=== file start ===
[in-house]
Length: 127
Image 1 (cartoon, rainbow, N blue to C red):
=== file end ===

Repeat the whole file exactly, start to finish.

[in-house]
Length: 127
Image 1 (cartoon, rainbow, N blue to C red):